Suicide: learn what you can to fight against it
World Suicide Prevention Day was Tuesday, Sept. 10, and September is Suicide Prevention Month. We urge our readers to take note, to be better prepared to avoid and help prevent suicide.
Suicide is a growing problem everywhere and the numbers tell a shocking story. Every 40 seconds someone takes their own life, according to the World Health Organization (WHO). That's about 800,000 people worldwide every year — although some estimates put that number closer to 1 million.
Suicide is the leading cause of death for people ages 15 to 29 and for every suicide that results in death, there are as many as 40 attempted suicides. In this modern era, there are tools and information to help people avoid that tragedy. On this day and month, and every day, it's important to take the time to educate ourselves. Here are a handful of ways mental health experts suggest that people get involved with preventing suicide.
Connect - Stretch out your hand to someone who may need help. It's widely known that certain behaviors indicate the possibility of suicide. We can all learn the warning signs of suicidal "ideation." If we spot them early enough, we can take action.
Discuss - Talking about this issue is an important first step in ridding society of the idea that mental health issues should remain hidden. During the month, or anytime, attend a panel discussion on how mental problems intensify thoughts of suicide.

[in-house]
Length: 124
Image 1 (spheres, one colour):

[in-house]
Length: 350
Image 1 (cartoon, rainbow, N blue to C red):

Search for resources - World Suicide Prevention Day provides lots of resources for people to learn more about the reasons for suicide and how to prevent them. At your local library, there are countless books, films, and events to get you pointed in the right direction. Knowledge is not only power — knowledge can save someone's life.
The statistics behind suicides are staggering and heartbreaking. Suicides make up a mental health emergency. It's estimated that 1 in 15 American adults suffer from depression and the tragedy is that 80-90% of people respond positively to treatment if depression is correctly diagnosed.
Older people are more likely to die from suicide. Suicide is most common among people between the ages of 45 and 64. ?Men complete suicides more often. Still, women are more likely to make an attempt.
Suicide is a very complex issue. That's why, as WHO points out, "prevention efforts must be comprehensive and integrated as no single approach alone can make an impact."
World Suicide Prevention Day is important as suicide affects us all. Many people know somebody who has taken their own life. Still others know someone who has lost a friend or family member. World Suicide Prevention Day gives us time to reflect on the value of life and that no matter how bad things seem, there's always hope.
One of the main goals of World Suicide Prevention Day is "to increase awareness about suicidal behaviors and how to effectively prevent them," according to WHO. Contact your local suicide prevention hotline if you have a friend who's confided about having suicidal thoughts or you see a social media post about someone's intentions. Take action.
World Suicide Prevention Day is a reminder that society needs consistent and increasing advocacy for mental health resources so that people struggling with mental health disorders can find the help they need.
Often, involvement from one outside person expressing interest can deflect someone from attempting suicide. Often, seeking help through a hotline phone call can save a desperate person's life. During this month, take the time to learn more about what you can do to prevent suicides in your family and your community.
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